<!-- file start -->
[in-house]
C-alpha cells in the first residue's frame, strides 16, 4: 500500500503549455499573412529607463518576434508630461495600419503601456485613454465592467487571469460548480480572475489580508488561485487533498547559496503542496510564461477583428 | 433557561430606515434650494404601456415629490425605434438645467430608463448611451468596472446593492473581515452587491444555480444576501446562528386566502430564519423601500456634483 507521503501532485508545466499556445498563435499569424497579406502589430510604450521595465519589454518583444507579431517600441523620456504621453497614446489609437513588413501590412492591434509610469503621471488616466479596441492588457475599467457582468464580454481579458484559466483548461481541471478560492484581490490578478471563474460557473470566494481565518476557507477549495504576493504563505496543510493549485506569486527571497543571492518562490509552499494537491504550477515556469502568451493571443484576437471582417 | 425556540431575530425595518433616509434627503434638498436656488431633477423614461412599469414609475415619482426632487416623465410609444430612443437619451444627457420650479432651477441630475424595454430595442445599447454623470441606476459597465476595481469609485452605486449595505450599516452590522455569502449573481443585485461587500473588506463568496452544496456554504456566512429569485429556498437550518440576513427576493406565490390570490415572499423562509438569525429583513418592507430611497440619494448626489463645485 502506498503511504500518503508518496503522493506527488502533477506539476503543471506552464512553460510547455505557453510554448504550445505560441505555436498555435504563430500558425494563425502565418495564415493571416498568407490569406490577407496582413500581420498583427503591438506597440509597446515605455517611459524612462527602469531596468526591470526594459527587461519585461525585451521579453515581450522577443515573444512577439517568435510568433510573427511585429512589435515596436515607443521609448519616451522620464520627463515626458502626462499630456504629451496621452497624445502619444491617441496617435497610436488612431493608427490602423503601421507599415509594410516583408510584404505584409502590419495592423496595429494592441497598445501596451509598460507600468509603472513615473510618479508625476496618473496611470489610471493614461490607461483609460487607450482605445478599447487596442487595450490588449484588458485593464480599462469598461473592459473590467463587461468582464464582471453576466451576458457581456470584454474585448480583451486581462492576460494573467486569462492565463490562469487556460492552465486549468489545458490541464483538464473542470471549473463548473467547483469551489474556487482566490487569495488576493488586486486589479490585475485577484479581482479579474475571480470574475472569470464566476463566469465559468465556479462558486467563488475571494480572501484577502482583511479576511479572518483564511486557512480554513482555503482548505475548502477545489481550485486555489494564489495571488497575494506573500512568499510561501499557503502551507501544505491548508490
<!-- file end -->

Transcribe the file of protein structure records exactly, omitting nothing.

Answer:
[in-house]
C-alpha cells in the first residue's frame, strides 16, 4: 500500500503549455499573412529607463518576434508630461495600419503601456485613454465592467487571469460548480480572475489580508488561485487533498547559496503542496510564461477583428 | 433557561430606515434650494404601456415629490425605434438645467430608463448611451468596472446593492473581515452587491444555480444576501446562528386566502430564519423601500456634483 507521503501532485508545466499556445498563435499569424497579406502589430510604450521595465519589454518583444507579431517600441523620456504621453497614446489609437513588413501590412492591434509610469503621471488616466479596441492588457475599467457582468464580454481579458484559466483548461481541471478560492484581490490578478471563474460557473470566494481565518476557507477549495504576493504563505496543510493549485506569486527571497543571492518562490509552499494537491504550477515556469502568451493571443484576437471582417 | 425556540431575530425595518433616509434627503434638498436656488431633477423614461412599469414609475415619482426632487416623465410609444430612443437619451444627457420650479432651477441630475424595454430595442445599447454623470441606476459597465476595481469609485452605486449595505450599516452590522455569502449573481443585485461587500473588506463568496452544496456554504456566512429569485429556498437550518440576513427576493406565490390570490415572499423562509438569525429583513418592507430611497440619494448626489463645485 502506498503511504500518503508518496503522493506527488502533477506539476503543471506552464512553460510547455505557453510554448504550445505560441505555436498555435504563430500558425494563425502565418495564415493571416498568407490569406490577407496582413500581420498583427503591438506597440509597446515605455517611459524612462527602469531596468526591470526594459527587461519585461525585451521579453515581450522577443515573444512577439517568435510568433510573427511585429512589435515596436515607443521609448519616451522620464520627463515626458502626462499630456504629451496621452497624445502619444491617441496617435497610436488612431493608427490602423503601421507599415509594410516583408510584404505584409502590419495592423496595429494592441497598445501596451509598460507600468509603472513615473510618479508625476496618473496611470489610471493614461490607461483609460487607450482605445478599447487596442487595450490588449484588458485593464480599462469598461473592459473590467463587461468582464464582471453576466451576458457581456470584454474585448480583451486581462492576460494573467486569462492565463490562469487556460492552465486549468489545458490541464483538464473542470471549473463548473467547483469551489474556487482566490487569495488576493488586486486589479490585475485577484479581482479579474475571480470574475472569470464566476463566469465559468465556479462558486467563488475571494480572501484577502482583511479576511479572518483564511486557512480554513482555503482548505475548502477545489481550485486555489494564489495571488497575494506573500512568499510561501499557503502551507501544505491548508490